Football squads attempt to beat the heat
Heat stroke is not a common outcome of a football practice, but it happens often enough that sports experts say anyone who’s involved with the sport needs to be aware of the danger, know how to minimize it, and what to do if players suffer heat stroke, in spite of precautions they may have taken to prevent one.
Our coaches and trainers in the area are very concerned for our youth and do a great job.
“The first week of football wasn’t to bad,” said Paden City High School Head Football Coach Brent Croasmun.
“But Monday was a killer. We had the kids bring their own water bottles. However, we still have what we call the ‘water wagon’ for the kids to use.”
Symptoms of a heat stroke includes confusion, vomiting, slurred speech and staggering, but they can also be more subtle – missed assignments on the field or slight personality alterations.
“While heat stroke can happen in any sport, it’s more common in football, especially when teams are getting ready for the season,” said DR. Frederick Mueller, director of the National Center for Catastrophic Sport Injury Research at the University of North Carolina at Chapel Hill.
“It’s the hottest time of the year and the players are wearing all that equipment,” Mueller said. “And it’s not only the heat, it’s the humidity.”
However, Valley Head Coach Tom West didn’t allow his players to wear pads on the hottest day of the year, which was last Monday. He also had the players go to the weight room when in began thundering.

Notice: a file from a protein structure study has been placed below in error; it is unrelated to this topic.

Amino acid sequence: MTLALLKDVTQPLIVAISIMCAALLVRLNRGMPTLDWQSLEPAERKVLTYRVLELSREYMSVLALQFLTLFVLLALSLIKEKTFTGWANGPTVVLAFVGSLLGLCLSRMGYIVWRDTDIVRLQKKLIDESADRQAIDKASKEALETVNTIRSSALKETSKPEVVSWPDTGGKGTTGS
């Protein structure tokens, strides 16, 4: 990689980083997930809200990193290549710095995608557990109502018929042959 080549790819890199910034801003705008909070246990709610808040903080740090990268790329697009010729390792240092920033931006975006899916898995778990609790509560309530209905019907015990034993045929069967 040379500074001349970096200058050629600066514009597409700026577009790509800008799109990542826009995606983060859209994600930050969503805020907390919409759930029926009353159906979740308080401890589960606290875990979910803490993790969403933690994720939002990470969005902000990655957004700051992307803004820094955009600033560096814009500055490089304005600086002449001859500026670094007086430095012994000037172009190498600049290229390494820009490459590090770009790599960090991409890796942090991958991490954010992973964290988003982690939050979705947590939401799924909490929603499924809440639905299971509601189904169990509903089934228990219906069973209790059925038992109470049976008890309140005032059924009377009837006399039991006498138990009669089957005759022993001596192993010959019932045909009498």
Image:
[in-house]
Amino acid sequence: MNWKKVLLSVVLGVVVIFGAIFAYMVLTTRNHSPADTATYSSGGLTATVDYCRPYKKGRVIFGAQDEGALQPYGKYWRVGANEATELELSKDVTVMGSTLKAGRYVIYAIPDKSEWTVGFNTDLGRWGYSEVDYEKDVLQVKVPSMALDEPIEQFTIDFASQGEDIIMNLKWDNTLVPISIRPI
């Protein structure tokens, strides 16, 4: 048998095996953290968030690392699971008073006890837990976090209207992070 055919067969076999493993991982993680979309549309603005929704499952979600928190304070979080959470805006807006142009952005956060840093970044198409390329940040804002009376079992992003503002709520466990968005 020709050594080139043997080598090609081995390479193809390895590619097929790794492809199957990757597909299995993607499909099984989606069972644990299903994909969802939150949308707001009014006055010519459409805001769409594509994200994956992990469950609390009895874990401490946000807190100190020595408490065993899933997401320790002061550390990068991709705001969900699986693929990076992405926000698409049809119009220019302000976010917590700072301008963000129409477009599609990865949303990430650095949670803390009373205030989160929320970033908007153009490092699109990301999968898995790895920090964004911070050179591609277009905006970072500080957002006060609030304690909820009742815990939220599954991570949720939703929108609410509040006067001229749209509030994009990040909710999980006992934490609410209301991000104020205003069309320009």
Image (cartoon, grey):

Magnolia was the only area school that had two practices on Monday. In the afternoon, players worked on offensive and defensive schemes.
However, there were six players who had some symptoms of heat stroke and were not permitted to practice.
Magnolia, like Paden City, has a water wagon full of cool water to drink, but they also have Gatorade right outside the locker room. Gatorade and similar drinks not only help hydrate the body, but they also replace potassium and other critical electrolytes that are lost through sweating.
In the ten year span ending in 2004, 24 young football players – 19 of them in high school, three in college, and two in the professional ranks – have died from heat stroke, according to the center’s figures.
The worst year ever was 1970, when eight players died. “Eight in one year is an amazing figure,” Dr. Mueller said.
That said, heat stroke deaths are entirely preventable, experts say.
Even something as simple as undressing the person and placing them in a kiddie pool filled with ice water can save a life, said Dr. Douglas Casa, director of athletic training education at the University of Connecticut.
“There’s 100 percent survival if you immerse a person in ice water,” Casa said.
Though cooling with ice water is recommended in young patients, another technique that can be used in the pre-hospital setting is evaporative cooling. This is done by placing an undressed person close to a large fan and spraying with tepid water.
The advantage of this technique is that it allows ready access to the patient in case of heart arrhythmia that requires defibrillation. During any type of active cooling, it is important to monitor rectal temperature to avoid what is known as iatrogenic hypothermia.
“But better than treatment is preventing the heat stroke in the first place,” Casa said.
Simple measures that can reduce the risk include phasing in practices, beginning with light workouts with little equipment.
Avoid two-a-day sessions for the first few days. Never have practices on successive days; and don’t run high-intensity practices in the first few days of training.
Additionall, have plenty of cold drinking water available. Don’t rely on players to bring their own.
Make sure that players know they can call a halt to practice if they feel sick.